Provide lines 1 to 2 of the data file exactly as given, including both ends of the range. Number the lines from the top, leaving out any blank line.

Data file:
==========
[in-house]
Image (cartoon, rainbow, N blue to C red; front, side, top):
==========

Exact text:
[in-house]
Image (cartoon, rainbow, N blue to C red; front, side, top):